I had two clients this bright, HOT August day, and we were blessed with a nice box of trout and reds and a few flounders to top off a good fishing trip. As is much appreciated by just about any fishing guide, my clients said they had had a great day fishing and were ready to call it a day a bit early.
Not one to look a gift horse in the mouth, I secured the reels and made my Haynie ready for running. After a leisurely 30-minute boat ride, we approached the boat dock.
Suddenly, the lady on board covered her mouth and nose, “OMG!” she said. “What is that smell?”
“That ma’am,” I replied, “is the ‘leftovers’ from the cleaning station.”
“Captain Mac can we go somewhere else?” she asked. “It’s about to make me sick at my stomach.”
“Yes ma’am. We can carry your catch to my place as I have a fish cleaning station next to the house.”
“Are there that many fish cleaned here on average?” she asked.
“On any given day more than several hundred, and I’m being conservative.”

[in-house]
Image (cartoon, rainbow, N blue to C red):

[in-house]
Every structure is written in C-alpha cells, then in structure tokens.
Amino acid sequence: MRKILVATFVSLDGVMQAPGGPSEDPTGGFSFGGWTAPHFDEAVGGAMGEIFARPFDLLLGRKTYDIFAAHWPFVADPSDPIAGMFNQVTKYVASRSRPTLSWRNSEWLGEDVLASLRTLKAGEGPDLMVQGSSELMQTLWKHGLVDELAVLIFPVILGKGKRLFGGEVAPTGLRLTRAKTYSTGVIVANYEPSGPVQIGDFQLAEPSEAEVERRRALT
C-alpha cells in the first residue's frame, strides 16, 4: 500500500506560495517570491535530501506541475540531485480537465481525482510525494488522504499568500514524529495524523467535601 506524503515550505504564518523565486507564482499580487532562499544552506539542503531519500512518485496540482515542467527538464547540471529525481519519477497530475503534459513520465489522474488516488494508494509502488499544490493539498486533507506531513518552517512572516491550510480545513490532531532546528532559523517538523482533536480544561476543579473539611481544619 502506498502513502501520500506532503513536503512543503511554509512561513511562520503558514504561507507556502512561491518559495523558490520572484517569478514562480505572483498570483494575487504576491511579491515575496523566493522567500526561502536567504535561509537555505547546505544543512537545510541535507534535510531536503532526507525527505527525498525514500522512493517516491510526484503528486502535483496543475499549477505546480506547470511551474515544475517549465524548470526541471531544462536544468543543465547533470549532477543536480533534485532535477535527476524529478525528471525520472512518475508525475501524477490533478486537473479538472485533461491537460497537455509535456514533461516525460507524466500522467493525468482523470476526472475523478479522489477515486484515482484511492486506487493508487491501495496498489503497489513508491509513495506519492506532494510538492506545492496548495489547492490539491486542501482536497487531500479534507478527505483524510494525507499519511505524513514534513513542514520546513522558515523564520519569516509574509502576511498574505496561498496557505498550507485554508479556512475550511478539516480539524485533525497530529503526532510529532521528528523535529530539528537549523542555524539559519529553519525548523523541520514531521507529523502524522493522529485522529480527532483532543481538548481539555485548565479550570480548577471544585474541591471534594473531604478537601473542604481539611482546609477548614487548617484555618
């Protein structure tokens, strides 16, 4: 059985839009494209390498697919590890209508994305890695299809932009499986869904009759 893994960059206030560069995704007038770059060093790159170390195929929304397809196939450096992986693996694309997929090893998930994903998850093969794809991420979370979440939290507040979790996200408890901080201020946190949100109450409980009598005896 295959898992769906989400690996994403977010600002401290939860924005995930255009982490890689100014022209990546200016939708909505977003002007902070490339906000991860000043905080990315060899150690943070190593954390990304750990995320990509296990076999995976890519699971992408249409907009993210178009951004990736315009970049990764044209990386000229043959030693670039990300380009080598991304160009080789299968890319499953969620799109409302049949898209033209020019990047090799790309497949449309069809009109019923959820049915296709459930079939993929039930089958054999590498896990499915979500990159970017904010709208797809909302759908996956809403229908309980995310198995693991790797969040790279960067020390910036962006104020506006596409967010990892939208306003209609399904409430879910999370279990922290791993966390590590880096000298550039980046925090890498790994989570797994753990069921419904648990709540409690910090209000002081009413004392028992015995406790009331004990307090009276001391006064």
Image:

“You’d think there would be a better way to dispose of the leftovers,” she more stated, than asked.
Of course she was and is right. We are extremely wasteful in our fish cleaning methods, and we could learn a thing or two from our Asian brothers and sisters.
The United Nations Food and Agriculture Organization recently proclaimed the absurdity of this waste and matter of factly suggested we all need to put more of the leftover carcasses on our plates.
“Capt. Mac,” you say, “I’m not eating fish heads and rice! It’s not the way I was raised and certainly not tempting to my palate.”
I hear you, but consider this—in 2014 more than 400,000 tons of discarded fish parts were dumped into coastal waterways worldwide (again, a very conservative number).